As people continue to work longer hours or work at more than one job to make ends meet, it is critical to investigate the detrimental effects of too much work and not enough sleep. Kuetting believes the results of this pilot study are transferable to other professions in which long periods of uninterrupted labor are common.
"These findings may help us better understand how workload and shift duration affect public health," he said.
Aerobics Preserve Brain Volume, Improve Cognitive Function
Using a new MRI technique, researchers found that adults with mild cognitive impairment (MCI) who exercised four times a week over a six-month period experienced an increase in brain volume in specific, or local, areas of the brain, but adults who participated in aerobic exercise experienced greater gains than those who just stretched.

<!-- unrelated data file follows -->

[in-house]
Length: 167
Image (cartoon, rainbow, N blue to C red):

"Even over a short period of time, we saw aerobic exercise lead to a remarkable change in the brain," said the study's lead investigator, Laura D. Baker, PhD, from Wake Forest School of Medicine (WFSM) in Winston-Salem, North Carolina.
The study included 35 adults with MCI participating in a randomized, controlled trial of exercise intervention. Individuals with MCI are at risk of developing Alzheimer's disease (AD), the most common form of dementia, which affects more than 5 million Americans.